When WhatsApp registers your primary device for the first time, it creates and stores all the public keys on its own servers. These keys are also associated with the user’s identifier, i.e., their phone number.

Role of OTPs

To prevent unauthorized access, an additional layer of security is provided by One-Time Passwords (OTPs). When you set up WhatsApp on a new device, an OTP is sent to your registered phone number, ensuring that only the person with access to your phone can complete the setup process.

Setting Up & Creating Secure Sessions

When you send a message on WhatsApp, your device establishes a secure connection with the recipient’s device. In order to create a secure session, your device asks WhatsApp’s servers for public keys for you and your recipient’s devices.

Your device checks these keys to make sure they are secure and valid. Each key is accompanied by a digital signature. Your device uses these signatures to verify that the keys haven’t been tampered with during transmission. It also checks if the keys match the metadata about you stored on WhatsApp’s servers.

Then, it starts creating a secure session with each of your recipient’s devices.

This secure connection is unique for each device, so even if you chat with someone on multiple devices, each one has its own private channel.

Only in situations where you’re reinstalling the app or changing devices, you might need to rebuild these secure sessions. Otherwise, it’s only a one-time process.

Sending and Receiving Messages

Once the secure sessions are set up, you can start sending messages. Let’s break down how messages are exchanged securely on WhatsApp in simpler terms:

Message Encryption

A special message key is used to encrypt your messages using advanced encryption (AES256 in CBC mode). This key ensures that your messages cannot be unscrambled by anyone except the intended recipient.

Moreover, to make sure messages are genuine and not tampered with, they are also tagged with a special code called HMAC-SHA256 for authentication. This code ensures the message hasn’t been altered during transmission.

If you’re chatting with someone who has multiple devices (like a phone and a tablet), each message is separately encrypted for each of their devices.

For added security, the key used to encrypt messages (the Message Key) changes for every message. This means that even if someone somehow gets hold of an old key, they can’t use it to read new messages.

The Message Key comes from something called a Chain Key. This Chain Key keeps “ratcheting” forward with each message sent. Think of it like turning a key in a lock – it changes with each message. There’s also some complex math (ECDH agreement) happening in the background to create a new Chain Key for each message roundtrip.


Further, WhatsApp uses something called “client-fanout”. It is a technique to efficiently transmit messages to multiple devices associated with a user’s account. It ensures that messages sent to a user are correctly delivered to all their connected devices while maintaining end-to-end encryption by sending separate messages to each of your recipient’s devices.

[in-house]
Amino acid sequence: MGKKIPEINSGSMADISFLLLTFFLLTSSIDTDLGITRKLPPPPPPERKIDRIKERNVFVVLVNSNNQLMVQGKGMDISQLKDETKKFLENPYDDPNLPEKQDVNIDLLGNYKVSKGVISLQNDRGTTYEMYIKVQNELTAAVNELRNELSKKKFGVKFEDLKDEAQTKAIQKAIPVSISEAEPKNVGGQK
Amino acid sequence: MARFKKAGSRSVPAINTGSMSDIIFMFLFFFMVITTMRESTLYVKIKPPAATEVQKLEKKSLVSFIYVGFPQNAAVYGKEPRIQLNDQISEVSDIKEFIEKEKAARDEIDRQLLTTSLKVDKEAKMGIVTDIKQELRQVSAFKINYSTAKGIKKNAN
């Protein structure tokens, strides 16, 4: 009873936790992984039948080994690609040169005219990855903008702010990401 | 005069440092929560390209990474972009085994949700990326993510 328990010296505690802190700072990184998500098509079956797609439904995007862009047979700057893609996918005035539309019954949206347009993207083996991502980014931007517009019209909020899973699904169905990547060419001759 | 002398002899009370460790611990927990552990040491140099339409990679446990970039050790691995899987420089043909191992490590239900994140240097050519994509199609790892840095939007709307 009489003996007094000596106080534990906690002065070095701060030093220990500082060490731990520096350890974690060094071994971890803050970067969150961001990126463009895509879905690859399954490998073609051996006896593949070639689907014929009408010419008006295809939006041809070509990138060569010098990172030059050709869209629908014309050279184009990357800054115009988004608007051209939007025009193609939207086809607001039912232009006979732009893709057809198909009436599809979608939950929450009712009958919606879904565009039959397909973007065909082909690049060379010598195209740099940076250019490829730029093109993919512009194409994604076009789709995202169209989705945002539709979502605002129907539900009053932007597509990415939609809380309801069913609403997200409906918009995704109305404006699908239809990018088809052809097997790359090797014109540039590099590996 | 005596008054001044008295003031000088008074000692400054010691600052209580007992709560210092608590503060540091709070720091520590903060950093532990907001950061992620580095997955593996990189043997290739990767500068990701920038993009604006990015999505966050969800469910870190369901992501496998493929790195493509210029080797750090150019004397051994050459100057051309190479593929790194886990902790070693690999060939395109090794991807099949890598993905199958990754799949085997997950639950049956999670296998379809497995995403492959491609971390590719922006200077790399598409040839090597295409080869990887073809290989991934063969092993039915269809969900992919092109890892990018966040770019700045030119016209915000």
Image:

All messages are encrypted using the same methodology regardless of their nature. So if you’re sending multi-media like images, videos, audio, location, etc. They’re also encrypted in the same manner.

Thus, WhatsApp doesn’t just secure text messages; it also extends E2EE to multimedia content. When you send an image, audio clip, or video, the content is encrypted before transmission and decrypted only on the recipient’s device.

Receiving Messages

When the recipient receives your message, they use the device’s private keys in combination with the sender’s public keys to unlock and read the message. They also create new keys for the next message.

Syncing Messages on Multiple Devices

One of WhatsApp’s unique features is its ability to sync messages across multiple devices while maintaining E2EE. Let’s understand how each step happens.

Before any interface is established between the two devices, we need to know that just like a primary device, a companion device also has its own public identifier key. Let’s call the companion device public Identity Key (Icompanion). This key is further used to create a special secret key (Lcompanion) for linking purposes. Importantly, Lcompanion is never sent to WhatsApp’s servers and is only stored locally.

Scanning the QR Code

When you first connect a new device, like WhatsApp Web, to your main WhatsApp device, you do it by scanning a QR code. Your main device scans the QR code on the new one and gets a special key, called Lcompanion. It saves this key. Now, your main device can recognize and connect with the new device using Lcompanion.

Creating Linking Data & Account Signature

In the next step, the primary device generates something called Linking Metadata (Lmetadata). It also creates a special Account Signature (Asignature) by using its private key to sign a combination of Iprimary, Lmetadata, and Icompanion. This signature is like a seal of approval for the companion device. It also generates a Device List Signature (ListSignature) for the updated device list.